Apr 29, 2009

Going Unattributed

In the crossfire of emails leading up to last night's meeting, I’ve saved actual quotes from actual MBC members. Since MBC’s policy is to sacrifice personal privacy whenever possible, here are your email comments, with observations from the editorial staff.

Item first:
Regarding his second request to borrow my book just days before the meeting, this man wrote…

“It’s the least you can do for making me your public whipping boy.”

Editor: Never demand a favor with your trousers around your ankles.

Item second:
Explaining why he’s decided to read the book this month…

“It’s national “turn off the TV week” so my only option is to read this week.”

Editor: Some are motivated to read out of intellectual curiosity; others find they have no choice.

Item third:
Commenting on the ground beef at John’s testicle festival…

“For the rest of my life, falafels will remind me of bull testes.”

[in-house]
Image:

Editor: Most of us ate the tacos and tried to ignore the filling. But this man made himself falafels! Hmmm, they used to be balls in a sac, so why not?

Item fourth:
Anticipating Peter’s choice of cuisine…

“I am wondering if it will truly be kangaroo meat being served? As such I am respectfully declining dinner.”

Editor: If you don’t like ethnic food, just say so.

Item fifth:
Referring to himself in the third person heightened the suspense…

“The will be a Chirs Browne sighting next Tues”

Editor: The prediction was uncannily accurate. The spelling…not so good.

1 comment:

  1. Thanks to all for admitting me into the club, although I'm reminded of Groucho's famous quote along those lines and what that says about you.

    For those who are gluttons for more context surrounding a book they're no longer obliged to care about, The New York Times has three articles, spaced over eight years:

    April 1990: "A Storyteller For the War That Won't End"


    October 1994: "The Vietnam in Me"


    September 1998: "Wrestling With War And Love; Raw Pain, Relived Tim O'Brien's Way"


    In the 1990 article about him, he seems happy and focused. But his own 1994 article is nearly as horrifying as John Wade's story. Apparently he didn't go back to Vietnam in 1990 after all, and the 1994 trip tore him up. By 1998, he's telling his interviewer how much he was falling apart in 1994, and how he wishes he hadn't written "The Vietnam in Me".